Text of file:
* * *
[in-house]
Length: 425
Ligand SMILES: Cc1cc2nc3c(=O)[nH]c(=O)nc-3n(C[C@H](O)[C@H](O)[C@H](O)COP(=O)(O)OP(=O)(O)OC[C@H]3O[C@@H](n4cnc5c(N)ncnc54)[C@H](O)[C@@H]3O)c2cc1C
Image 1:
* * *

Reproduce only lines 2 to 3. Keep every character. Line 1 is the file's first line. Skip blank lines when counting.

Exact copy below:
Length: 425
Ligand SMILES: Cc1cc2nc3c(=O)[nH]c(=O)nc-3n(C[C@H](O)[C@H](O)[C@H](O)COP(=O)(O)OP(=O)(O)OC[C@H]3O[C@@H](n4cnc5c(N)ncnc54)[C@H](O)[C@@H]3O)c2cc1C